The trailer for Oblivion makes it look like a routine Sci-Fi movie set on an sparsely populated earth in a post war dystopian future. This in itself is largely true, but the movie is far better than expected. Even allowing for this I didn’t intend to write about the movie but felt compelled to by the sniffy reviews and mixed word of mouth.
Approximately sixty years in the future Jack (Tom Cruise) and his wife Victoria (Andrea Riseborough) are the last two humans on earth. The rest of humanity has relocated to Titan after the world was devastated in war with an alien race. The pair have been left behind to maintain the equipment used to harvesting the planet’s natural resources. After five years, they only have two weeks left, while Victoria is keen move to Titan, Jack can’t help feeling something is wrong.
The first thing that stands out about the movie is the way it looks. Just like director Joseph Kosinski’s other movie TRON: Legacy, Oblivion looks stunning. Unlike TRON: Legacy that is set in a computerised world, this movie utilises desolate real world sets in America and Iceland sublimated by CGI. The technology we see is very clean looking and very white and reminiscent of Ipods. The are also countless nods to other Sci-Fi movies, most notably 2001: A Space Odyssey. The plot however owes more to WALL·E, Silent Running, Moon and Saturn 3. Although Morgan Freeman is given second billing behind Tom Cruise, a lot of the film features just Cruise and Andrea Riseborough supported by Melissa Leo who appears only as a disembodied voice and an image on a video screen. They are later joined by Olga Kurylenko whose previous performances range from flat and misjudged in Quantum of Solace to mute but breathtaking and brilliant in Centurion. The whole cast is strong but the standout is Andrea Riseborough.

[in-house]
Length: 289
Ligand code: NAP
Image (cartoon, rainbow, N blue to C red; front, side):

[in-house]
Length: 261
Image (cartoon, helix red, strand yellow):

Co-written, by the director Joseph Kosinski based on his own (unpublished) graphic novel of the same name, the movie isn’t a remake, reboot or sequel (and it isn’t in 3D) and it is all the better for it. The plot is a little thin and has the odd hole, but the overall it works and more than satisfies the conventions of storytelling and the genre. There are no holes so big or points so ponderous to alienate the viewer and take them away from the narrative. The characters are easy to empathise with helping the viewer be immersed in the story. There are numerous twists and turns in the plot, some you will see coming, others you won’t but none that you be confused by. Its this combination complexity and simplicity that makes the movie work so effortlessly. The end is either perfectly executed or a contrived cop-out depending on your point of view.
How much you like the movie may depend on how much you like the genre but ultimately there is enough going on to keep all but the most jaded entertained. The bar has been set higher than expected for Will Smith and M. Night Shyamalan’s seemingly similarly themed After Earth due out in the summer.